Progress on the plan - one year on
Unilever has published its first progress report on the Unilever Sustainable Living Plan since the 10-year plan was announced in November 2010. The report was discussed with hundreds of sustainability stakeholders, including NGOs, governments and industry peers at a series of dialogues in 25 countries.
Our Plan is particularly challenging as it takes responsibility for the environmental footprint of our products right across the value chain, from the sourcing of raw materials all the way through to the consumer's use of products to cook, clean and wash.
Progress and challenges
The Unilever Sustainable Living Plan Progress Report 2011 shows good progress in a number of areas, such as:
Sustainable sourcing – 64% of palm oil now sourced sustainably
Nutrition – good progress in reducing saturated fat and eliminating trans fat in products
Renewable energy – 100% of electricity now purchased from renewable sources in Europe
Drinking water – 35 million people have gained access to safe drinking water from Pureit since 2005.
In other areas, we spent time in 2011 working out how to reach our targets and are now ready to scale up. For example, Lifebuoy soap's handwashing education and behaviour change programme reached 48 million people by the end of 2011. This is a big achievement but we still have a way to go to reach Lifebuoy's target of 1 billion people by 2015. A new 'train the trainer' approach trialled in Indonesia and being rolled out to other countries in 2012, will help us reach more people at a lower cost.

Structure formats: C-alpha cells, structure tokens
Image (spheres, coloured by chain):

There are some areas of the Plan where it has been more difficult to make progress. In these areas, we will need to work with others to find solutions. This applies particularly to targets that require consumer behaviour change, such as reducing the use of heated water in showering and washing clothes, and encouraging people to eat foods with lower salt levels.
Speaking at the London dialogue on 24 April 2012, Unilever CEO Paul Polman said:
"In a world where temperatures are rising, energy is increasingly expensive, sanitation is worsening and food supply is less secure, business needs to be part of the solution, not the problem. At Unilever, we believe our future success depends on being able to decouple our growth from our environmental footprint, while at the same time increasing our positive social impacts.
"Many of our goals look as daunting now as they did when we announced them, but you have to set uncomfortable targets if you are to really change things. Sustainable growth will be the only acceptable model of growth in the future, which is why we have put the Unilever Sustainable Living Plan at the heart of our business strategy.
"And far from being a hindrance to our progress, we are now seeing increasing evidence that it can drive business growth. Unilever grew well in 2011, but what is encouraging is that the brands which put sustainability at the centre of their propositions, like Lifebuoy soap or Persil Small & Mighty, grew faster than the average".
The Sustainable Living Lab
Following the launch of the report, Unilever convened an online, 24-hour Sustainable Living Lab to open up a discussion on the sustainability challenges. Over 100 Unilever managers from R&D, procurement, marketing, and customer development took part, and over 2,200 people registered from governments, NGOs and businesses in 77 countries . A total of 4,000 comments were posted.
The stimulus for the Lab – the first time we have ever attempted such an initiative – was a recognition that some of our Sustainable Living Plan goals can only be delivered by working with others.
Many ideas were put forward for ways in which progress can be made, from the suggestion that ‘handprinting’ might be a more attractive way to explain consumer impacts than ‘footprinting’, to thoughts on how new technologies can reduce the impact of showering.
Participants welcomed the venture. For example, Darrel Webber, Secretary General, Roundtable on Sustainable Palm Oil (RSPO) commented: "I found the session to be a novel approach to engage with different stakeholders. It has helped surface tough questions that are valuable to take the next leap towards sustainability."